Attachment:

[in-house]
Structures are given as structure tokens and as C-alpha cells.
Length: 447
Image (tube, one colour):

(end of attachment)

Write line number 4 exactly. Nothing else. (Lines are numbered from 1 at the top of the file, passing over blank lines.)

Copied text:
Image (tube, one colour):